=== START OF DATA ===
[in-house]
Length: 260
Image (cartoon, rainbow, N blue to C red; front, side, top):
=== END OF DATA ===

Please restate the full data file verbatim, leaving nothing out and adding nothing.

[in-house]
Length: 260
Image (cartoon, rainbow, N blue to C red; front, side, top):